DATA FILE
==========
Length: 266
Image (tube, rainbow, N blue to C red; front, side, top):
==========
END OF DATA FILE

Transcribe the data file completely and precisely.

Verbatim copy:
Length: 266
Image (tube, rainbow, N blue to C red; front, side, top):